Depression is now the leading cause of disability across the globe, the World Health Organisation (WHO) has revealed.

More than 4% of the world’s population lives with depression – with young people, pregnant or post-partum women, and the elderly being most affected.

According to the United Nations (UN), the mental illness costs more than $1 trillion a year globally. This is due to loss of productivity, ‘often as a result of sufferers being unable to function at work or cope with daily life’.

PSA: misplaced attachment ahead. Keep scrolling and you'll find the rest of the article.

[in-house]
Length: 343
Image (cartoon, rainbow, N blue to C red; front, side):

“Depression is the single largest contributor to years lived with disability. So it’s the top cause of disability in the world today,” Dr Dan Chisholm from WHO’s Department of Mental Health and Substance Abuse said in a news briefing.

The organisation’s latest body of research found that depression is 1.5 times more common among women than men.

Discussing the three groups of people who are particularly vulnerable to depression, Dr Chisholm said: “The pressures on today’s youth are like no other generation perhaps.”

– Natasha Hinde

Read more: Depression Is Now The ‘Leading Cause Of Disability Worldwide’, WHO Reports

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